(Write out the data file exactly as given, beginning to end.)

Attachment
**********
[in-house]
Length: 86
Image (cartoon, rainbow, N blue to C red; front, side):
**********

[in-house]
Length: 86
Image (cartoon, rainbow, N blue to C red; front, side):